A Retrospective Look After 2 Years Sober

All I ever wanted in life was a Range Rover, an icy watch and a fresh pair of Air Force Ones – looking back it’s amazing how much farther I’ve come and what I went through to get where I’m at. When I first started working I was still in high school; working a part time job and somehow managing to put in another full time workload into developing websites that made little money. I was a big dreamer and money was the motivation; I associated success entirely with material possession. As I worked longer hours, the money stacks started adding up. I quit my job, picked up my blunt and got on the nonstop hustle. The riches came pouring in and I wanted nicer cars, clearer diamonds, bigger sacks, and shorter skirts. More – the only thing I cared about.

I attributed my success to my drug use and continued that full throttle. I was the man; self-made and self-paid. I had my own house, car, everything – why couldn’t I do a little of this and a little of that? I was too smart to get addicted to anything. As this mindset progressed my life continued to run smoothly, further reinforcing it. But life took me for a turn – as quickly as I rose up financially, everything started to go wrong. Outwardly, things looked fine, but inside I was torn apart. I was going through life like a drone without emotions and with an ego too big for my own good. As the use got more excessive, I rationalized by ignoring the signs and solely looking at the success of my business – an addict couldn’t ever have gotten as far as I have, right?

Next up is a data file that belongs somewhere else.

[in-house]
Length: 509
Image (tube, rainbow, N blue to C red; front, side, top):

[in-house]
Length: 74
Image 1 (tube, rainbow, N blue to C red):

My life spiraled out of control and I lost scope of what was important. It wasn’t about working anymore; it was about waking up and partying all day. It was about fueling my ego more with fake people. Friends would drop and new ones would come – it didn’t faze me. I made relationships and lost them; it didn’t faze me! All I cared about was me and my substance; I didn’t care about anything or anyone else.

This drug fueled lifestyle got me into a lot of trouble: spiritually, mentally, legally and emotionally I was a broken man. I may have had a bank account with a couple digits in it but that’s all I had. Everything was clearly showing me to stop, but at the time I was so shortsighted I couldn’t see the big picture. After a long series of horrible events (I could write a book on just this) I decided it was time for me to get sober. For the first time I wanted to get sober for myself and for my own life: not for the legal system, my parents, a girlfriend or anything. Completely for myself.

I was beaten into willingness and did what I needed to do. I white-knuckled it for months, worked on building a relationship with God and slowly but surely I made it through month and month. That was two years ago – and I can now truly say that I’m living on borrowed time. I rose up from the depths of a living hell to become a man with character, gratitude and a newfound will to do the next right thing. I was given the gift of sobriety – and I refuse to give that back.

Even though it’s like I’m living in a dream, it’s not always like it seems: I still feel the same pains as you. I still have my highs and lows in life but I now have confidence that God will take care of me in the long run. I do not regret the past nor wish to shut the door on it – it’s molded who I am now. I decided to share the harder times in my life to show you that everyone, even Birdman himself, has gone through the trials of life and come out stronger than ever. You CAN rise up and make it through it – no matter what you’re going through.